The Covid Pandemic has brought many changes to the BSA over the last two years, many of them positive, Bennet tells me. It’s pushed it to speed up a major digitization project begun 11 years ago. The goal is to bring online as many of its documents and holdings as possible, and to make these available to anyone in the world aided by a simple keyword search. “We’ve also developed a map function,” Bennet says, “where you can find materials by clicking on an online map of the region and to identify material that interests you.” These link to specific documents, projects, and images of the locations. “One of the great benefits of digitization is that it allows scholars to examine documents and artifacts without the chance of damaging them.” Like many institutions, it’s also adopted a shift for its lectures and seminars to Zoom, allowing people all over the world to join while storing a record of the event online.
In September, Bennet will leave his position as director after seven years. He’ll be returning to the University of Sheffield, where he holds a Chair in Aegean Archaeology. He also taught at the University of Wisconsin and at Oxford University. In addition to his work at Knossos, he carried out studies on the island of Kea and in south-central Crete. Perhaps what’s he’s most proud of in his professional life, he tells me, is the detailed surface survey project he and colleagues conducted around Mycenaean-era Pylos in the 1990s. Using multiple different techniques and bringing together multiple disparate disciplines (as archaeology often does), the project examined the prehistoric and historic settlement of western Messinia, and has so far resulted in the publication of several major books.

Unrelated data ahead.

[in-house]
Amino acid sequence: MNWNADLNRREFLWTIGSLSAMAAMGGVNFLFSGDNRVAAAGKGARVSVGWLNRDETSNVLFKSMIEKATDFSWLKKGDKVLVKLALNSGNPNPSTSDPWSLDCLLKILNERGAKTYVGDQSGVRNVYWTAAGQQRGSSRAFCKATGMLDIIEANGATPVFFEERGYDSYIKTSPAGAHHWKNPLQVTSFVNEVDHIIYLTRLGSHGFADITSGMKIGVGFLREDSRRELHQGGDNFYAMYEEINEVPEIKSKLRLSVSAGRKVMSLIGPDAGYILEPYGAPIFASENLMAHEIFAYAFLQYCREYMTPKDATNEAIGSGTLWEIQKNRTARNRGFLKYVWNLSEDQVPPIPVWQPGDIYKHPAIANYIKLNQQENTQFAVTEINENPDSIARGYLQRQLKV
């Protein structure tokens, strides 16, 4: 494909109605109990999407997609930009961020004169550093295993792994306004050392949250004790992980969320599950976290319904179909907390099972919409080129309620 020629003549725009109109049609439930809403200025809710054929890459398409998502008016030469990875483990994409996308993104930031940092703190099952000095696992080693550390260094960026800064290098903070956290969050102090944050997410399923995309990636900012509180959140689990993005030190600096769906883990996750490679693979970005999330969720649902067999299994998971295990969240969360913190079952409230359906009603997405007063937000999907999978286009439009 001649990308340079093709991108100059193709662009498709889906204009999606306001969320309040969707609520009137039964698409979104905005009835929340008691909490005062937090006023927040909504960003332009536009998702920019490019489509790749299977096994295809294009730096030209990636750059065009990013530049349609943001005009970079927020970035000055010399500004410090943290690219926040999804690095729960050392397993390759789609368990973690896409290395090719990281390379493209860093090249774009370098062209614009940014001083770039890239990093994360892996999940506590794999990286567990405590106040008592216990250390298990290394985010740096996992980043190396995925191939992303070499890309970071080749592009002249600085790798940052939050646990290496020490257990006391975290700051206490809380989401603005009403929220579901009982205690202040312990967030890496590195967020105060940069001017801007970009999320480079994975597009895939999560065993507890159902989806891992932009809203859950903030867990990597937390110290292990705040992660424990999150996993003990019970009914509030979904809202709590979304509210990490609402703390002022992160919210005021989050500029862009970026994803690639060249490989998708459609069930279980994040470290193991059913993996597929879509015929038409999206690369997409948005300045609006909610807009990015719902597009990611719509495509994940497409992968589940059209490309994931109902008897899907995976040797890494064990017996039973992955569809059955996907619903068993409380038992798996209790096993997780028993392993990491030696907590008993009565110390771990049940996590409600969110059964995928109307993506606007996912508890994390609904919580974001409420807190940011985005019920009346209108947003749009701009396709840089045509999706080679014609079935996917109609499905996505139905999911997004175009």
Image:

In September, the new director, Rebecca Sweetman, the BSA’s third female director, will formally take over. One of the projects she will be inheriting is a growing interest at the BSA to look at the climate emergency, and ask questions about what archaeology can teach us in terms of dealing with what’s happening in the present. The project remains in its early stages yet, but involves collaborations with the other British International Research Institutes spread throughout the world, with an attempt to look at the anthropology and engineering of water management from the deep past to the present. Another project is to complete a fundraising drive to reimagine the BSA’s Knossos Research Centre and hopefully create opportunities to expand the BSA’s activities and to reach an even wider audience.
Bennet tells me he will miss the “little oasis in central Athens” that is the BSA, and particularly the warmth and hospitality he’s encountered throughout his many travels in Greece. And the extraordinary landscapes and history that are always in such easy reach of any resident of Athens. The sheer depth of history, and the deep knowledge and interest that so many communities have for their own local history has always impressed him. And of course, the weather, he laughs.
Ranbir Sidhu is the author of Deep Singh Blue and Good Indian Girls. Twitter: @Ranbir_S_Sidhu (https://twitter.com/Ranbir_S_Sidhu)
Photo credits: Nikos Karanikolas